*Special Note: The motorcycle rider in the video is Dana Seero!*
I enjoy motorcycle riding and try to attend several track days each season. With the availability of many small, light camcorders on the market, it’s now pretty easy to record your sessions for playback and training. However, since they are attached to the bike and the bike leans at extreme angles in corners, it’s difficult to discern lean angles without wagging your head back and forth.
In 2010 MotoGP (the world’s top-level motorcycle racing) introduced “gyrocams” on several top competitor motorcycles. These cameras are gyroscopically stabilized in the roll axis so they always remain vertical, making the motions of the motorcycle from side-to-side are evident. The video is much more compelling, and much more useful as a training tool.
I started looking around for an affordable gyrocam setup and discovered there weren’t any. A number of “gyrocam” videos turned out to be fixed cameras with video editing – not exactly real time.
Radio Controlled (RC) airplanes and helicopters provided a possible low-cost technical solution. These devices use compact, relatively low-cost piezo gyroscopes to control flight in conjunction with small, light servo motors. Using one of these electronic gyros to control a servo seemed possible.
Eventually I discovered the Dunehaven GS-1 integrated gyro/servo unit. This $74 product combined a MEMS gyroscope and servo motor in a compact, sealed unit. A quick test with aluminum angle, a $40 keychain camera and a camera bracket designed up quickly in SolidWorks and made on our Dimension 3D printer demonstrated the potential.
There was just a slight packaging problem, though. Even a relatively slow, middle-displacement motorcycle like my Suzuki SV650S regularly hits speeds of 100+ mph on the track. The twin cylinder engine revs to over 10,000rpm, creating vibrations throughout the bike. And modern sport bikes don’t have much room, so any gyrocam setup had to be relatively compact.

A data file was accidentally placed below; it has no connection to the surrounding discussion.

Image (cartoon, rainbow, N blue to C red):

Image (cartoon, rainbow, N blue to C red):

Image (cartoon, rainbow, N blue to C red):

The next version of the concept used a plastic housing that attached to the gas tank opening and provided a little more rigid platform. The initial tests confirmed that vibration was problem #1, mounting was problem #2, and the camera technology was a remote third in terms of difficulty.
The majority of bikes locally seemed to be using the GoPro Hero camera, so I sketched up a housing for the gyro/servo and battery, and a bracket to hold the camera. We oriented the center of the camera as closely as possible with the center of the lens while still maintaining good balance. The housing and camera arm were made from ABS Plus plastic on one of our Dimension 3D printers. This proved to be faster and less expensive than any alternative: the camera swingarm was less than $5 in material to build!
The first test of the GoPro and the new housing was successful – to a point. The camera bracket I’d quickly sketched up in SolidWorks turned out to be too flexible. The camera bounced up and down a few times each time the bike hit a bump in the pavement. While the gyro kept the camera level, the shaking made the video unwatchable.
At this point, I did what many customers do: called CAPINC, specifically our Principal Engineer Keith Pedersen (most of the rest of the staff volunteered not to volunteer). I asked him to use SolidWorks Simulation to make the design stiffer. Keith also had some questions about the vibration environment on the motorcycle.
A few hours later, Keith sent me a new design. This camera bracket deflected 1/3rd as much under load, minimized the vibration, and as an added bonus, used less material! A Triple Play!
Riding around traffic rotaries seemed to prove this version might work. But it’s really track day riders who want a product like this. So I took a vacation day and headed off to Tony’s Track Days, for a track day at New Hampshire Motor Speedway in Loudon, NH.
So how did it work? You tell us!